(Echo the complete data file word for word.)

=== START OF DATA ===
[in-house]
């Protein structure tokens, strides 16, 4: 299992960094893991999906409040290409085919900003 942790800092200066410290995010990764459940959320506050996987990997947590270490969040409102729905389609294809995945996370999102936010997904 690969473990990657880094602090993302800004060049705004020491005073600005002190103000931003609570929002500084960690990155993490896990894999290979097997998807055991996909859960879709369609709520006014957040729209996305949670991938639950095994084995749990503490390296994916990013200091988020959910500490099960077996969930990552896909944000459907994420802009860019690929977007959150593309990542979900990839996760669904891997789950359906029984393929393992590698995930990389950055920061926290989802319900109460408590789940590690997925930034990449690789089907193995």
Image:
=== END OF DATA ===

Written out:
[in-house]
């Protein structure tokens, strides 16, 4: 299992960094893991999906409040290409085919900003 942790800092200066410290995010990764459940959320506050996987990997947590270490969040409102729905389609294809995945996370999102936010997904 690969473990990657880094602090993302800004060049705004020491005073600005002190103000931003609570929002500084960690990155993490896990894999290979097997998807055991996909859960879709369609709520006014957040729209996305949670991938639950095994084995749990503490390296994916990013200091988020959910500490099960077996969930990552896909944000459907994420802009860019690929977007959150593309990542979900990839996760669904891997789950359906029984393929393992590698995930990389950055920061926290989802319900109460408590789940590690997925930034990449690789089907193995």
Image: